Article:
Bob graduated from Basic Training in December 1946, just before Christmas. He was given two-weeks leave to visit his family in Ohio. Afterwards, he flew to San Diego where he boarded the troop ship SS Marine Jumper for the long voyage across the Pacific Ocean to South Korea. The ship arrived in the port of Inchon on the west coast of South Korea – a port that later became famous as the site of a brilliant U.S. amphibious landing behind enemy lines during the Korean War. What struck Bob as the ship sailed into the port was the large number of islands the ship passed and the distinct smell of the mainland. South Korea in 1946 was very poor—not the economic powerhouse it is today—forcing farmers to fertilize their fields with human waste. As a result, the country, which was largely agricultural, had a pungent smell. The farming practice also resulted in many South Koreans suffering from intestinal parasites until the country’s rapid industrial modernization took hold in the 1960s, bringing with it access to commercial fertilizers.
Once off the ship, Bob boarded a train that had been used by Japanese forces occupying Korea during World War II. All of the windows were broken out of the passenger cars, allowing the frigid winter air to blow through the train. After freezing in the train for the twenty-five mile trip to Kimpo Airfield in Seoul (now Gimpo International Airport), Bob and a few other replacement soldiers climbed into the back of a two-and-a-half-ton truck for the rest of the trip to the 865th Antiaircraft Artillery – Automatic Weapons (AAA) Battalion.
The 865th AAA Battalion’s mission was to shoot down enemy aircraft in the event of an attack on Kimpo Airfield. Given the political tensions and the Soviet occupation of North Korea, there was constant fear of an attack, so the unit had to be ready. To accomplish its mission, the 865th AAA Battalion used quad fifty caliber machine guns and 40 millimeter Bofors guns mounted on the back of halftracks. Bob had no experience on any of this equipment prior to his arrival. He had been trained to fire a rifle but not antiaircraft weapons, so everything he did from that point on was new to him.
Bob was assigned quarters in a Quonset hut together with about twenty other soldiers, mostly from the hill country of Kentucky and West Virginia. As Bob was from suburban Cleveland, he didn’t have much in common with these soldiers, so he looked for other opportunities to spend his free time. When he found the battalion’s radio shop, he knew he’d found a home. He began spending his off hours at the shop, learning how to work on the tactical radios that enabled the men on the unit’s halftracks to communicate with one another. Initially, he could only work on radio receivers, but once his captain certified him as a radio repairman, he was also able to work on radio transmitters. The certification also allowed him to promote to Technician 5th Grade, which meant he could be addressed as “corporal” or “tech corporal”.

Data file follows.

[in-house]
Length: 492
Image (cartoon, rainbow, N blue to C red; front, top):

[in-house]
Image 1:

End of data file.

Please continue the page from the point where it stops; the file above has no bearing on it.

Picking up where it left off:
Bob also kept his eye on his ultimate goal of going to college using the GI Bill after his enlistment was up. To get into college, he needed a course in trigonometry. The answer was a correspondence course offered by the United States Armed Forces Institute, or “USAFI”. After successfully completing the trigonometry course by mail, Bob was ready to apply to colleges once he got out of the Army.
On Sundays, Bob was one of only three soldiers in the unit who attended the Protestant church service. In fact, the church service had only five persons present: the chaplain, the organist, two other attendees, and Bob. After six months, the number was reduced to four when the organist’s tour of duty ended and he went home. Bob approached the chaplain and asked if he could have the organist’s job. He told the chaplain he could play the organ quite well by ear. The chaplain asked if he could type and Bob said no, but he was willing to learn. That satisfied the chaplain and he arranged for Bob to be transferred to be his assistant.
The transfer was a big deal for Bob. Although he now had to wear his dress uniform to work every day at the chapel, it meant he no longer had to do “kitchen patrol” (also known as “KP”) or stand guard duty. He also had a Korean teenage boy working with him to help him keep the chapel office clean. As the teenage boy wanted to come to the United States someday, Bob helped him learn English and taught him about American culture. In return, the Korean teen taught Bob about Korean customs and the Korean people.
Bob got to see firsthand how the local Korean people lived because of his affiliation with the church and because he enjoyed photography. As it turned out, one of the other two people who attended the Protestant service with Bob was a warrant officer who also enjoyed photography and used a dark room Bob had set up. One weekend, the warrant officer asked Bob if he would like to go for a drive with the warrant and his wife outside the post. Bob did and they borrowed a jeep and drove through the countryside. Bob was amazed at how incredibly poor the people were, most living in shacks with grass roofs. Seeing this made his quarters seem luxurious.